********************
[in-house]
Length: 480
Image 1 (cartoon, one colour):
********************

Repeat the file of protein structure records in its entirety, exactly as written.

[in-house]
Length: 480
Image 1 (cartoon, one colour):